I was planning on making a voltage controlled resistor using a power MOSFET in order to load one 12V lead acid battery. I tried implementing the circuit below; everything was going well for a few seconds until the power supply suddenly switched off only for me to find out that the MOSFET was completely shorted.


simulate this circuit – Schematic created using CircuitLab

The MOSFET drain was attached to a heatsink by a screw and some thermal paste; in addition, a 12V fan was supplied through the same 12V supply and was cooling off the MOSFET. The MOSFET wasn't anywhere near its limit temperature when I checked it. The DAC output voltage was set to 2.39V in order to obtain approximately 6A of current as per the VGS to ID curves. I do realize that this open loop system is unreliable and subject to the variations of temperature, which is why I plan on making a feedback loop using a current sensor in the future. My question is, why did this happen?

Note: I have not surpassed any maximum ratings here as far as I know.

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    \$\begingroup\$ 72W is a tall order for a TO-220; at that level, you're mostly out of the realm of air-cooled heatsinks and into water/TEC setups. The junction-to-heatsink thermal resistance of 1.25 C/W gives a delta-T of 90C on top of your heatsink-to-ambient thermal resistance. Your max Tj is 175, which means your heatsink needs to be better than 1 C/W; possible but it's a lot of work to run your device at maximum Tj. I'm thinking the negative Vth temperature coefficient and constant Vgs caused you to exceed 6A; were you measuring current? \$\endgroup\$
    – vir
    Apr 28, 2022 at 19:33
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    \$\begingroup\$ You should not rely on typical characteristics. Current measurement and feedback are necessary. Also most MOSFETs don't handle linear operation well. Make sure SOA includes DC. \$\endgroup\$ Apr 28, 2022 at 19:53
  • 2
    \$\begingroup\$ @A.H.Z Saturation is the risky region for many FETs (especially those optimized for switching), due to various effects like localized thermal runaway. \$\endgroup\$
    – nanofarad
    Apr 28, 2022 at 20:10
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    \$\begingroup\$ @A.H.Z You may have the same thermal runaway issue with parallel FETs and they may thus need individual source and/or drain resistors (not sure which offhand) of some small value, OR independent control/feedback to counteract this. \$\endgroup\$
    – nanofarad
    Apr 28, 2022 at 20:19
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    \$\begingroup\$ This is not how to design an Active Load. Try this >>step 1) define design limits for V,I,P,$ 2) consider PWM or constant current with storage series tank load. Allocate Pd loss budget for each component with total < 15%. 3) Determine max temp rise and DCR, ESR, RdsOn, Rbat to achieve specs. 4) only use air coils and very low ESR caps. Compare BJT switches with IGBT and FET's choices. 5) compute Q of the load and target low Q = 1 at max load. \$\endgroup\$ Apr 28, 2022 at 23:30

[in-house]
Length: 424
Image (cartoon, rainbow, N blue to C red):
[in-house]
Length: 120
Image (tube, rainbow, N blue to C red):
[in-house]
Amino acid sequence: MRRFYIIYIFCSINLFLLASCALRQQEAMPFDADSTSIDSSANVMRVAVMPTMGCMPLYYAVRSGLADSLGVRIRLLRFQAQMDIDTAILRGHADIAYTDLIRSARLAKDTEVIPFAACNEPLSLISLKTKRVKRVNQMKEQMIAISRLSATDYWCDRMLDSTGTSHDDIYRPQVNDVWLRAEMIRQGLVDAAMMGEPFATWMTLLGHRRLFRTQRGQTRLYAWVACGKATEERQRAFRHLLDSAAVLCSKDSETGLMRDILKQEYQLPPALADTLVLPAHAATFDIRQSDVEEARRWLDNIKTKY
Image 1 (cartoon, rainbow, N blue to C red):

1 Answer 1


The DAC output voltage was set to 2.39V in order to obtain approximately 6A of current as per the VGS to ID curves.

Like this: -

enter image description here

  • So, when 2.39 volts are first applied (at ambient of 25°C) the current drawn will be about 0.7 amps (blue circle).
  • The MOSFET will be dissipating approximately 12 x 07 watts i.e. 8.4 watts
  • But it will be warming rapidly and, as it warms it draws more current and warms even faster
  • After a very short length of time (possibly less that 1 ms), the MOSFET junction has warmed to 175°C and it's now dissipating about 12 volts x 7 amps (green circle) = 84 watts.

And maybe, at this point you believed it might stop warming?

After all there are no graphs above 175°C so, what really happens?

Answer: it gets rapidly warmer and warmer until it reached a temperature of around 600°C and then the device suffers melt down.

Why does this happen?

Answer: because you are controlling the device in a region where thermal runaway will occur.

If you were controlling the device with gate-source voltages above about 4 volts then the MOSFET will naturally be in the region where there can be no thermal runaway.

At the absolute minimum, you need a feedback mechanism that can rapidly reduce the gate-source voltage should current start to rise due to thermal runaway. But, it's worse because many modern MOSFETs comprise of thousands of parallel MOSFETs internally and, each have their own characteristic and, although you may think the current is held at (say) 6 amps, it will be flowing in only a small part of the overall area of those thousands of transistors. Result is the same.

Remedy: use a MOSFET designed for linear applications and use a feedback mechanism that is lightning fast.

enter image description here

  • \$\begingroup\$ By linear operation I assume that you are referring to the saturation region ( Vds>Vgs-vth) correct? \$\endgroup\$
    – A.H.Z
    Apr 29, 2022 at 15:46
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    \$\begingroup\$ @A.H.Z linear operation means applications that are are not switching applications i.e. applications that seek to control the drain current by regulating the gate-source voltage. \$\endgroup\$
    – Andy aka
    Apr 29, 2022 at 16:34

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